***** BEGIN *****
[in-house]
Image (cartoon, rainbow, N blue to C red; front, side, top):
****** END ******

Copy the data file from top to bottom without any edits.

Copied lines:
[in-house]
Image (cartoon, rainbow, N blue to C red; front, side, top):